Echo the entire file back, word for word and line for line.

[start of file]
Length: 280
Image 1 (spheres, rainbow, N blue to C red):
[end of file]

Length: 280
Image 1 (spheres, rainbow, N blue to C red):